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Nova Scotia to get $289M from federal government for COVID-19 response

Premier Stephen McNeil addresses a news conference in Halifax on Sunday, March 15, 2020.
Premier Stephen McNeil addresses a news conference in Halifax on Sunday, March 15, 2020. The Canadian Press/Andrew Vaughan

Nova Scotia will receive $289 million from the federal government to help cover its COVID-19 response.

The provincial government announced on Wednesday that the funds will come from the provincial-federal-territorial safe restart agreement, a $19-billion fund announced in July.

“Nova Scotia is working closely with the federal government and other provinces and territories to respond to COVID-19, and ensure individuals and businesses have services and supports they need to help ease the challenges,” said Premier Stephen McNeil in a press release.

Read more: N.S. municipalities facing ‘dire financial straits’ due to COVID-19, study finds

Nova Scotia says the funds will be doled out as follows:

  • $77.3 million to increase testing and contact tracing, enhance provincial border entry control and monitoring and upgrade data management
  • $77.3 million to support Nova Scotia’s tracking and reporting system and to ensure the province’s supply of personal protective equipment (PPE) is stocked
  • $67.5 million to help municipalities address lower revenue from transit and taxes, as well as increased costs associated with COVID-19 protection measures.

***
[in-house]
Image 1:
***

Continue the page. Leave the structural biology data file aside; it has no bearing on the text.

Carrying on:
• $19.1 million for measures to control and prevent infections among vulnerable populations, including long-term care facilities
  • $17.4 million to help child care centres provide PPE and support new cleaning protocols and public health measures

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Most of the federal funding is allocated on a per capita basis or a base plus per capita base, the province said.

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All funding will be spent in the next six months, according to a provincial press release.

Click to play video 'Halifax mayoral candidates participate in virtual debate' Halifax mayoral candidates participate in virtual debate
Halifax mayoral candidates participate in virtual debate

The news of more funding has been welcomed by the Nova Scotia Federation of Municipalities (NSFM).

The organization said in a press release that its member bore the brunt of the pandemic when they lost almost all of the non-tax revenue streams when residents were forced to stay home.

A report prepared by the NSFM in June details how the province’s municipalities were forecasting a $66.5 million shortfall for the 2020-21 fiscal year.

The loss in revenue from municipal transport services is expected to amount to $23 million of that total.

Read more: Nova Scotia’s municipal elections to continue as planned in October, minister confirms

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But the funding from the safe restart agreement means that shortfall will now be covered.

“Today’s Safe Restart Agreement brings much-needed relief for municipalities who have been on the front lines of COVID-19,” says Yarmouth mayor and NSFM president Pam Mood.

“Without an ability to access additional sources of revenue, or run a deficit, this funding will ensure Nova Scotia municipalities are in a solid financial position going ahead in 2020-21.”